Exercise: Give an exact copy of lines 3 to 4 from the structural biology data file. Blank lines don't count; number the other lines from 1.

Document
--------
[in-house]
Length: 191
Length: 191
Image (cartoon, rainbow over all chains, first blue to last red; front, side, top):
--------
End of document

Length: 191
Image (cartoon, rainbow over all chains, first blue to last red; front, side, top):